What is Ozone?
Ozone is an odorless, invisible atmospheric gas.
Ozone: Good up high, bad nearby
Ozone occurs naturally in the stratosphere where it forms a protective layer that shields us from harmful ultraviolet rays. This is called "good" ozone. Human activity has depleted this ozone layer and caused "holes," but due to a reduction in the use of certain chemicals, it is predicted that the ozone layer could recover. Ground-level ozone is called "bad" ozone and is the main ingredient in smog. It is also the primary pollutant of concern in southeast Florida. When emissions from motor vehicles, lawn maintenance equipment, power plants and gas stations react with the sun, they form ozone. Warm temperatures and low wind speeds during the summer months make summer the ozone season!
Ozone in the Southeast Florida Airshed
Ozone does not recognize county boundaries. Instead, it drifts within air masses throughout our region. The U.S. Environmental Protection Agency (EPA) has established a national health standard for ozone and determined that Broward, Miami-Dade and Palm Beach counties are considered the southeast Florida airshed.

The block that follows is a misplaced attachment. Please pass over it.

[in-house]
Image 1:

In 1979, Broward County and the southeast Florida airshed encountered high ozone levels, and we were considered a non-attainment area for ozone. We exceeded the levels for ozone that were based on national health standards established by the EPA called the National Ambient Air Quality Standard (NAAQS).
In 1990 the Clean Air Act Amendments (CAA) required automobile manufacturers to produce cleaner cars that run on cleaner fuels, and implemented programs to control ozone forming emissions. An example is the vapor recovery devices at gas pumps. Due to measures such as these and local efforts, the S.E. Florida airshed was reclassified in 1995 as attainment for ozone!